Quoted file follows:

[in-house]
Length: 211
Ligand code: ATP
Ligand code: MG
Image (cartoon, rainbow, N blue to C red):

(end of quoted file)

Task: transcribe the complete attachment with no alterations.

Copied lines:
[in-house]
Length: 211
Ligand code: ATP
Ligand code: MG
Image (cartoon, rainbow, N blue to C red):